Gift – VI: The Gift of Silence
For the Book called: God for Dummies
The Gift of Silence enables us to hear the voice of God which liberates us from the “Dictatorship of Noise.” Recently, I have been feeling the need to for silence. It is not easy for a priest who needs to give homilies on regular bases, who needs to listen and counsel people almost every day, who needs to call people back or answer phone calls every day. The life of a priest needs, but misses silence a lot, like the deer misses the good steams of water. If I open my heart to people and friends, they will see that one of the best things I like to do is to be in total silence for a time. The way I do it is usually to retreat in prayer, and I do it in the following order:
First, almost regardless of what time I go to bed at night, I end up, somehow, rising up every morning around 5:30 or 6:00 am. What do I do? I stay in bed, looking at the Crucifix, looking at the image of Our Lady, and I bless myself with the Cross and with holy water. Then I try to pray the following prayer in hymnody:
“Alleluia: Virgin, You are my Mother, I offer you myself. I consecrate my heart, my mouth, my love and life. All my day, with its labor and burdens, my thoughts, my studies, my readings. As of now I pertain to you, my compassionate mother. Make my sweet hopes flourish before my eyes and with Christ. Alleluia through ages to come”. Amen (Tune of Fsheeto, from Aramaic Music of early centuries.)
Next, I take up the Cross which is in my closet, I face with it all four corners of my room, to bless all the homes and the sides of my parish and all families I serve. Then I pray the prayer of Saint Ephrem (+371 A.D.):
“The light of the just and joy of the Upright is Christ Jesus, our Lord. Begotten of the Father He manifested Himself to us. He came to rescue us from darkness and to fill us with the radiance of his Light.”
Then, I turn on the prayer of the Divine Office (Liturgy of the Hours), according to the Roman Rite, where I listen to the service of the readings. Every day this service has readings from either the Old or the New Testament followed by a reading, usually a commentary from one of the fathers of the Church on that Bible readings. Once the service of the readings is finished, I start praying the Morning Prayer according to the Liturgy of the Hours, which is in the Roman Rite.
Additionally, throughout the day, I do stop a little for prayers here and there. I try to go to the Church every day and light a candle for the people who have asked me to pray for them.
At night, blessing myself with the Holy Water and performing a small ritual of the Cross, I try to push my sleepy and heavy body to pray a little longer; just a short and deep prayer. I read from the Book called, The Imitation of Christ. Twice a day. Then I make the sign of the Cross, blessing myself with holy water, and say in Aramaic the Prayer of Saint Ephrem the Syriac,
“Alleluia, At Night, Your Cross, O Lord, I draw on my sleeping body. And it becomes for me the vigilant Watchman to watch over me through the night. In the Middle of the night, the devil comes to try me and disturb me. But he sees the Cross of Light on my dying body, he runs from it, perspires in fear as the power of the Cross burns the devil into hell. As for me, I wake up in the Morning, with joy and in peace, to praise you O Lord.” (From the Maronite Liturgy of the Hours, Thursday Before Bed Prayer called: Setoro)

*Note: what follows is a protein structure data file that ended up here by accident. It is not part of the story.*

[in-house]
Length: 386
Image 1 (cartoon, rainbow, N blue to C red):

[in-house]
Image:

Sure, I do pray my Liturgy of the Hours according to the Maronite Rite. Remember, I prayed all 7 prayers in the oldest books of the Liturgy of the Hhours according to the Maronite Rite in the Monastery since the age of 14. Every day, five times: Morning, Noon, Evening, Before bed, and Midnight. With these five main prayers, came the Mid-morning meditation, and the Mid-afternoon benediction. The total of those seven prayers were always accompanied by readings from the Old, the New Testament, and the Fathers of the Church, predominately the Eastern Fathers, of Antioch, Egypt, and Cappadocia.
The reason why, when I came to the United States, unless we are at a Maronite Catholic gathering of Clergy, I end up praying the liturgy of the hours in the Roman Rite, is because of the engaging psalms during the week. Yes, the Psalm of David. 150 psalms, set for the entire year. Morning, mid-morning, noon, mid-afternoon, evening, late evening and midnight. It is such an amazing sacramental and mystical reality, if a priest, a brother, a nun, a lay person can follow these prayers. You will find the Voice of God, and you will engage in the Sacred Silence, which is the Gift of listening to the Voice of God. Of course, every day, a priest is to celebrate the Divine Liturgy of the Eucharist, The Mass. Lots of priests start their days with the Mass, others, like myself, choose another time. I like to celebrate it in the evening, to give opportunity to many in the parish family and beyond, to come and celebrate with me. After the Mass, we pray to Our Lady. Before the Mass here at St. Rafka, some people come 30 minutes earlier to pray the Rosary. After the Mass, we pray the “Angelus” or the Greeting of the Angel Gabriel to the Virgin Mary, followed each time by the Hail Mary. Every night we conclude by asking the intercession of Saint Joseph, Patron of the Universal Church and Patron of the family, and of Saint Rafka, and we call upon the intercession of the Saint of the Day, and then Our Lady, as the Mother of God, Mother of Divine Mercy, Our Lady of Hope. At the end, we chant the “Hail Holy Queen” or “Salve Regina”. In Arabic this prayer is called: “Assalamou Alaykee Ya Malikat, Oum Al Rahmat…”.
Can you believe with all the craziness of the day, I try to maintain this spiritual protocol for my life? Otherwise I feel I am living under the oppression of Noise, or as Cardinal Sarah (Robert) calls it: “the dictatorship of Noise” (Robert, Cardinal Sarah with Nicolas Diat, The Power of Silence, Against the Dictatorship of Noise, Trans. from French by Michael J. Miller, Ignatius Press, San Francisco, 2017).